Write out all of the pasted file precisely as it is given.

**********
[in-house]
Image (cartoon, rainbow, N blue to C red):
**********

[in-house]
Image (cartoon, rainbow, N blue to C red):